Volkswagen Jetta History
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For many years now, the Volkswagen Jetta has been VW's best-selling car in the U.S. The compact four-door sedan is built on the same underpinnings as the Golf compact hatchback--VW's mainstay worldwide. But with U.S. buyers preferring sedans, and the Jetta being carefully priced in the heart of the compact segment (thanks to assembly in Mexico), the sedan sells many times what the German-built hatchback does.
Read our full review of the 2013 Volkswagen Jetta for car prices with options, specifications, and fuel economy ratings.
The Jetta range also includes a compact wagon, itself quite a rarity these days, that's deemed the SportWagen--but it's a minor player compared to the sedan. Alternatives to the Jetta include the titans of the compact class--the Honda Civic and Toyota Corolla, plus the surging Hyundai Elantra--along with surprisingly good new entries from U.S. makers, the Chevrolet Cruze and Ford Focus. On the sportier end of the scale are the Mazda 3, still perhaps the compact that's most fun to drive, and the Subaru Impreza, with its standard full-time all-wheel drive.For 20 years now, the Volkswagen Jetta has offered a classic sedan design and sporty German road manners and driving feel. These days, about the oldest models on used-car lots will be the third-generation cars that were launched in 1993. Smaller than today's Jetta sedan, they performed well and were a step up in refinement from earlier generations. The base engine (still in use today) was a 115-hp, 2.0-liter four, but engines ranged all the way up to a 174-hp, 2.8-liter narrow-angle V-6 in the special VR6 models, which provided 0-60-mph times of less than 7 seconds and authentic sport-sedan credentials.
The fourth-generation 1999 Jetta shared underpinnings with both the Golf and the newly-launched New Beetle. A new 1.8T engine, the 1.8-liter turbo four--originally rated at 150 hp, later upgraded to 180 hp--is more fun to drive than the base 2.0-liter four and gets better real-world gas mileage to boot. The VR6 engine remained on the books, now at 200 hp, but the 1.8T was a better bet, cheaper, less complex, and more popular. The 1999 car and its descendants were the first ones that really cemented the Jetta's reputation for first-class interior materials that outshone any other compact car. Some models of the fourth-generation Jetta suffer from reliability problems, though, so do your research carefully.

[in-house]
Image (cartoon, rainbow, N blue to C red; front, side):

In 2006, the fifth generation of Jetta sedan debuted, larger but stylistically very conservative. Again the interior was remarkable for its quality and materials, but now the back seat could hold U.S.-sized adults for the first time. The base engine for this larger Jetta sedan became the 150-hp, 2.5-liter five-cylinder, which delivered more power--and weighed more--but did little for actual performance or fuel economy. It's best matched to the six-speed automatic, and delivers relaxed cruising on the highway. This generation of Jettas offered significant improvement in refinement and ride quality as well.
Jetta wagons were offered in the fourth generation--from 2001 through 2005--and then re-introduced for 2009 onwards. These days, fully half the Jetta SportWagens are fitted with the TDI turbodiesel that delivers a combined EPA fuel-efficiency rating above 30 mpg--and, say owners, real-world mileage that's considerably higher yet.
The TDI is also available on the Jetta sedan, as one of several engine options. Through 2006, the TDI was a 1.9-liter unit, and then it went on hiatus until 2009, when a new, 140-hp 2.0-liter TDI diesel returned to the lineup in both sedans and wagons. Its transmissions include a six-speed manual and VW's superb six-speed direct-shift (DSG) automated manual transmission.
For 2011, Volkswagen replaced the Jetta sedan it had sold since 2006 with a new sixth-generation design--but carried over the SportWagen on sale since 2009, which continues to be built in Germany. The new Jetta sedan was lengthened for U.S. customers who demanded greater rear-seat space, and the underpowered base 2.0-liter four made a return. So did the torsion-beam rear axle from the 1980s and 1990s, letting VW offer a significantly cheaper base price on the simplest Jetta model--a car that very, very few buyers will ever take home.
The current generation of Jetta has drawn criticism for its hard-plastic interior and the painfully slow performance delivered by the base engine, though the GLI model that returned to the fold in 2012 solves both of those problems with its punchy 200-hp turbo four and a soft-plastic dash cap (for considerably more money). The dash cap, by the way, is also being added to the high-end SEL model and the TDI this year.
For 2013, VW added a new model, the Jetta Hybrid, which brings a fifth engine (a 1.4-liter four), a fourth transmission, and a new high-end model into the range. Its buyer research indicated that TDI diesel buyers and hybrid shoppers were entirely different sets of people, who proved remarkably resistant to the idea of cross-shopping the other car. The new Jetta Hybrid should bring in new buyers to the model, VW says, and may ultimately provide about 5 percent of total Jetta sales.
That means that the Jetta now comes in base S, mid-level SE, and high-end SEL trims, plus specialty TDI diesel, GLI turbo, and Hybrid models. There's also the SportWagen, which occupies its own niche. The new Jetta Hybrid sedan is projected to return an EPA combined gas-mileage rating around 45 mpg, just 10 percent shy of the Toyota Prius--and it's considerably more fun to drive.
The sporty Jetta GLI model is fitted with a turbocharged 2.0-liter four-cylinder engine that puts out 200 hp, along with the DSG plus a sportier suspension and upgrades to the tires, wheels, and interior trim. No Jetta has been offered with all-wheel drive, however; it's strictly a front-drive compact sedan.